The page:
2
$\begingroup$

Suppose a hash function based on Merkle-Damguard construction. Its compression function is given as $H_i=E_{m_i}(H_{i-1})$, where $E_{m_i}()$ denotes the encryption of an ideal block cipher with $n$-bit block size. What is the lowest complexity to find an preimage of this hash function?

Answer: By applying meet-in-the-middle attack, the complexity of finding an preimage is $2^{\frac{n}{2}}$.

The answer above is provided by lecturer. I don't understand how to apply meet-in-the-middle attack in this question.

$\endgroup$
  • $\begingroup$ One note: while the lecturer was correct as regards to a Merke-Daamgard hash function with an inverible compression function, however all real MD hash functions (SHA-1, SHA-2) use a noninvertible compression function. What the lecturer was likely trying to point out why this is the case; why a compression function that is invertible is a bad idea. $\endgroup$ – poncho Nov 14 '14 at 19:16
  • $\begingroup$ So you are saying that if an invertible compression function is used in hash function, then the complexity to find an preiamge of such hash function can be reduced? $\endgroup$ – Idonknow Nov 14 '14 at 19:53
  • $\begingroup$ Yes, that is what I (and the lecturer) are saying. $\endgroup$ – poncho Nov 14 '14 at 19:58
  • $\begingroup$ But from the question, how do we know the compression function used is invertible? $\endgroup$ – Idonknow Nov 15 '14 at 1:39
  • 1
    $\begingroup$ Because they said $E_{m_i}()$ denoted the encryption of an ideal block cipher; block ciphers are, by definition, invertable. What MD hashes use in practice is $H_i = H_{i-1} \oplus E_{m_i}(H_{i-1})$; xoring in $H_{i-1}$ prevents invertibility $\endgroup$ – poncho Nov 15 '14 at 4:58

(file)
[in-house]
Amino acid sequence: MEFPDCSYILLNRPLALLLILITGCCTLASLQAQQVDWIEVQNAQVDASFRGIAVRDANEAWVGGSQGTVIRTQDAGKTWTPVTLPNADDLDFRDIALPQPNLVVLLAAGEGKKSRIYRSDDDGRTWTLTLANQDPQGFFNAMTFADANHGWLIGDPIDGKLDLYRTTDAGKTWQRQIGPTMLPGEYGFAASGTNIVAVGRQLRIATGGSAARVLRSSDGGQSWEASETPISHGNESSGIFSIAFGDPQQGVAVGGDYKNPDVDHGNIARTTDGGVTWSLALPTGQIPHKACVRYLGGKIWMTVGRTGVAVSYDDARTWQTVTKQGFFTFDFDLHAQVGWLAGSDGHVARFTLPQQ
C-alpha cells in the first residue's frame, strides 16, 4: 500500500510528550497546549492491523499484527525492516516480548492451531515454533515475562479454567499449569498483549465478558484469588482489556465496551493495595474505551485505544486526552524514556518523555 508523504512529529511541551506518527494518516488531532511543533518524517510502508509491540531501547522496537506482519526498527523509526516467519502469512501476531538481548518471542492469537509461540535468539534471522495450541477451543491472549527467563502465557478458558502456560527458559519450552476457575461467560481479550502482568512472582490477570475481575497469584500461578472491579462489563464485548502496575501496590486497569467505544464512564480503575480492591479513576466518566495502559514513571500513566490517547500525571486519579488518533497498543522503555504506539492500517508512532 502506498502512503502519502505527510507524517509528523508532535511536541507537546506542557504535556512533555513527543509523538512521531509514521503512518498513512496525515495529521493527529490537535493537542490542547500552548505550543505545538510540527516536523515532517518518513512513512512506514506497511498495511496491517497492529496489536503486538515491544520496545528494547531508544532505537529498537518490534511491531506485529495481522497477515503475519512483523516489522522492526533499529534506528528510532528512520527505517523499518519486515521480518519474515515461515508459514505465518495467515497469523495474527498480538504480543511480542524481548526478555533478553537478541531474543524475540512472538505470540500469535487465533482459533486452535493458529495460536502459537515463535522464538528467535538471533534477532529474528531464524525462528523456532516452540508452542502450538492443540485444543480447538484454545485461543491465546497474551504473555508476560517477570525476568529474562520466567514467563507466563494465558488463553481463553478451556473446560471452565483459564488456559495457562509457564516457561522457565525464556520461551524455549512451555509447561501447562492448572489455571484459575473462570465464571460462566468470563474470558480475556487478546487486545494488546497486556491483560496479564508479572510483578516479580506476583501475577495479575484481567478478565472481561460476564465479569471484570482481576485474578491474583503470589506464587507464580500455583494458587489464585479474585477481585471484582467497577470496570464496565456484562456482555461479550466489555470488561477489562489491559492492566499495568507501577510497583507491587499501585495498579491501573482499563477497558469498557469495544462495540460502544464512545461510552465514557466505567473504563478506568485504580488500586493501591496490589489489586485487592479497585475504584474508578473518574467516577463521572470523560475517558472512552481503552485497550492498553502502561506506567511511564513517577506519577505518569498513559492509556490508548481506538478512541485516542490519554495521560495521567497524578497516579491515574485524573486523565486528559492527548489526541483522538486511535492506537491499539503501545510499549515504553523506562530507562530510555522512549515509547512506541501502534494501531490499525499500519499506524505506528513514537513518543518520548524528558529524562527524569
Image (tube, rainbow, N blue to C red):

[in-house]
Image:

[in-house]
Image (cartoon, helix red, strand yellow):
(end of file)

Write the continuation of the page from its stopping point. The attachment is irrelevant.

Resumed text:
1
$\begingroup$

For an $n$-bit hash with at least $n/2$-bit block size (which is very common and includes MD5, SHA-1, SHA-2, SHA-512), using a round function as in the question, here is how to find a 2-block message $m_0\|m_1$ hashing to given $H$ with effort $O(n/2)$.

I note the Initialization Vector $H_{-1}$ in order to match the question's recurence $H_i=E_{m_i}(H_{i-1})$. Hashing $m_0\|m_1$ requires 3 rounds, with the third processing the padding block $m_2$, which is known, and the result $H_2=H$.

We compute $H_1=E^{-1}_{m_2}(H)$. This is possible since $E$ is a block cipher and allow decryption. Notice that would not be possible with $H_i=E_{m_i}(H_{i-1})\oplus H_{i-1}$ as in the Davies-Meyer construction (used in SHA-1 and SHA-2 with a small modification).

For $2^{n/2}$ incremental values of $m_1$, we computes and make a list of $E^{-1}_{m_1}(H_1)$. It is possible that we get some collision(s) there (probability about 39% that we get at least one), but unlikely that we get more than a few, thus we likely have just shy of $2^{n/2}$ distinct values in the list.

For $2^{n/2}$ incremental values of $m_0$, we computes and search in the above list $E_{m_0}(H_{-1})$. There is good probability (>63%) that at least a match is found.

A corresponding $m_0\|m_1$ (if any) is our message hashing to $H$.

Note: we can reduce the message size to one block and about $n/2$ bits.


As is, the attack uses $O(2^{n/2})$ memory. However, that can be reduced to practical using Paul C. van Oorschot and Michael J. Wiener's Parallel Collision Search with Cryptanalytic Applications (in Journal of Cryptology, January 1999, Volume 12, Issue 1; free slightly earlier version available from the first author's website).

$\endgroup$

Your Answer

By clicking “Post Your Answer”, you agree to our terms of service, privacy policy and cookie policy

Not the answer you're looking for? Browse other questions tagged or ask your own question.